What Your Posture Can Tell You about Your HealthThursday, May 1, 2014 9:53
It’s a chicken-or-egg question: What came first, the stress that caused bad posture, or the bad posture that enhances a foul mood? Our emotional and physical health are intertwined; awareness of one often leads to straightening up the other,
Our bodies are designed for movement and stability. As we age, we create muscle imbalances from bad habits in how we sit, stand, move, even exercise. Poor posture is a great example of this imbalance. Standing up straight requires finding both physical and emotional balance.
It’s hard work, but the rewards are worth it. Here are some other aspects of the body that are affected by our posture:
Think of your body hunched over a computer or slouched on a couch, then look at somone else working or driving a car. You’ll often see people with their spine hunched and their chin jutting out as if their head is in front of their body. Our heads weigh 10-12 lbs, but for every inch that the head is forward of the spine, the weight doubles. That can be an extra 24-36 lbs that your neck and upper back muscles are trying to hold up, which creates tension!
Try this: sit up straight in your car, press your head against the headrest, and retract your chin in toward the spine. Drop your shoulders and feel the length in the back of the neck. Hold for 10-20 seconds. At the desk, set a timer: every 30 minutes stand up, stretch, and gaze at something more than 15 feet away.
When we hunch our backs, it causes our torsos to collapse in, causing breathing to be more labored than it needs to be. Rounded shoulders further restrict the expansion of the rib cage, which limits the movement of our diaphragms. This not only leads to a lack of oxygen, but it also prevents our diaphragms from performing its duty as an important core stabilization muscle. And if our diaphragm can’t can’t descend properly, it won’t be able to draw in nearly as much oxygen when you inhale.
Try this: watch yourself breathe in a mirror. Do your shoulders lift when you breathe? Do they move before your belly? See if you can breathe by expanding the ribcage and breathing down into the low back without moving your shoulders.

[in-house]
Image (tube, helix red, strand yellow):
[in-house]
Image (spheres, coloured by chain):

Our bodies get tired of fighting gravity. When we’re tired from life and our mood is down, our bodies slouch even more. The best way to counter physical and mental fatigue is by finding time to move and time to rest more!
Try this: At work, set your timer to 20 minutes: move in some way, whether it’s a quick shake, a squat/rise, or a brief walk. Also take 10 deep, full belly breaths to calm the mind. Remind your muscles of what it feels like to slip back into normal.
Appearing older than you are
Grandma knows best when she tells us to stand up straight. Poor posture not only has us appear older (and not in the wise, distinguished way!) but it could be the first step toward a dowager’s hump, a double chin, a potbelly, or swayback. Healthy spinal posture immediately makes us look taller and slimmer, and can create the impression of self-confidence. Next time you’re out doing some people watching, take a look at how they carry themselves and how you’d rate their outward appearance.
Damage to life expectancy – Research shows that sitting for extended periods decreases life expectancy. In fact, sitting as much as 11 hours a day decreases life expectancy by 40%! Think about how many hours you sit; at work, in the car, at home at dinner and on the couch. Even if we exercise for 30-60 minutes a day we can’t counteract how much we sit. Get a standing desk, and find a way to move throughout your day.
When you sit in a crunched position, your intestines are folded up, slowing everything down. An antidote: lie on your back and gently massage your belly, starting at the belly button and moving out in a spiral in a clockwise direction (12 o’clock being at your sternum, 6 o’clock at your pelvis). Then spiral in the other direction, back to your belly button. Always end the practice with a downward movement over the sigmoid colon, on the left side of your belly. This simple technique helps to gently move things along in the intestines.
The Happy Effect
In a study from San Francisco State University, students were told to either walk down a hall in a slouched position or to skip. The slouchers reported increased feelings of depression and lower energy than skippers. Try skipping for a few minutes the next time you feel gloomy. A bit of the ‘fake it till you make it philosophy!
Hold your head high, spine straight and tall, and see how much these simple changes can affect your outlook on life. Even our language reflects our perception of a person’s character—a person who is ‘spineless’ is weak and lacks courage; someone with pride and an inner sense of trust has backbone.
Standing up straight is hard work. The older we are the more bad habits we have to counteract. Dr. Brenda Ku and Dr. Michael Burke are experts in posture work. They teach their patients how to stand up straighter with diagnostic and treatment tools to improve postural imbalances and increase our total body health.